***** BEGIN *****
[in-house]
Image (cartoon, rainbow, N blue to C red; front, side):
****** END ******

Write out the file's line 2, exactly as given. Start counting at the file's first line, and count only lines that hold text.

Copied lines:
Image (cartoon, rainbow, N blue to C red; front, side):